Transitioning in Translation

A dual journey: Brazilian shares her experience gender transitioning in Australia

Transitioning in Translation

Photo of Wendlle

Wendlle sees some pros and cons to transitioning far from home as a migrant in Australia


Published 31 March 2022 at 9:45am
Source: SBS

In this first episode of the podcast Transitioning in Translation, meet Brazilian Wendlle who begun her gender transition almost four years ago while living in Australia.


Published 31 March 2022 at 9:45am
Source: SBS


Gender transition can be a difficult road to navigate, but imagine starting the journey in a new country where you don't know the health system and may not speak the language fluently. Even if you do, you still have to translate your feelings to your family and friends.

That's the case for 32 year old Brazilian Wendlle, who begun her gender transition almost four years ago while living in Australia.

"My family does not know about my transition fully yet. They have been seeing me in videos, like how I look right now, but we haven’t had that conversation yet."

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I asked my sister to show them some videos about transgender people, non-binary people just to get started but I think this interview with SBS might be a first step for us to have this conversation in the future.
While growing up in Sao Paulo, Wendlle always felt different to other children.

“Since I was a kid I felt that there was something different with me, that I didn't fit in the gender I was assigned at birth. That at some point in my life I would be transitioning to something else." 

"I don't think I fit in the binarity that society tries to put people in, so I don't think I am either a male or female. I think I'm something in between, even though the female version of myself is the one I feel more comfortable with.”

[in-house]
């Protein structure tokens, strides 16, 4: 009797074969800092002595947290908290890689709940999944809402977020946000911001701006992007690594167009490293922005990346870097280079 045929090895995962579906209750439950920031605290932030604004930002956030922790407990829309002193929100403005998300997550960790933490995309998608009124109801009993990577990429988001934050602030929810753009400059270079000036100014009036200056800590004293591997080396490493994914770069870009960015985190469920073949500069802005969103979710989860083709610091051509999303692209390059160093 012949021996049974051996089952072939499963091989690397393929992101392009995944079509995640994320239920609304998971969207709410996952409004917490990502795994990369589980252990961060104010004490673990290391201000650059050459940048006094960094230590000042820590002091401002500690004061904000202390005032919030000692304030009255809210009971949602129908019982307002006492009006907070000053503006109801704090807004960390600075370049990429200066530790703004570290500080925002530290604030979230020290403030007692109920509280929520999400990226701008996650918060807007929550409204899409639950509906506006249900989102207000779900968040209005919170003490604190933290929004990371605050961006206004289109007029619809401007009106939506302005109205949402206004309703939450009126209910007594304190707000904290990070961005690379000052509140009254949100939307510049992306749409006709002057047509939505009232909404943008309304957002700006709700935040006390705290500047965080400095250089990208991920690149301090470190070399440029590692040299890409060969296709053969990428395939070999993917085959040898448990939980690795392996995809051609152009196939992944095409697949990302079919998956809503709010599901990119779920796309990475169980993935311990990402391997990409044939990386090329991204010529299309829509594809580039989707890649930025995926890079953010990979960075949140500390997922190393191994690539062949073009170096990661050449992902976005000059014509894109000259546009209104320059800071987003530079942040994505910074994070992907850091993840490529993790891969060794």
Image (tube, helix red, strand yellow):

Wendlle as a child in Brazil wearing a racing car outfit, and now at 32
Wendlle nunca se sentiu confortável na binaridade em que a sociedade tenta colocar as crianças. Source: Wendlle


CEO of Transgender Victoria Mama Alto, recognises the layered challenges faced by people like Wendlle.

When someone inhabits multiple marginalities, such as being a migrant or being culturally diverse - in addition to being trans and gender diverse - they can experience the stigmas, discriminations and barriers of both of those factors or identities at once in a compounded way.
However Wendlle does see some up-sides to her experience.

“Look, I think there is some pros and cons in being a migrant transitioning in Australia. I think not having my family close to me made things a bit easier from a perspective that I was not bombarded with questions all the time."

"While local people could face a bit more of struggle with family and friends. On the other hand, in a different scenario I could have had support from my family as well, which I didn’t have being so far from them.”

or is a three-part series by SBS Portuguese, available in both Portuguese and English. Listen to the full podcast episode in English by tapping the image at the top of this article, or listen in . Watch the video below.



Follow Transitioning in Translation in , , , or the SBS Radio app.

Produced by Felippe Canale for SBS Portuguese. Videos and photography by Marlon Moro.

Series artwork by Oliver Vincent Reyes, Vincent Art & Designs.


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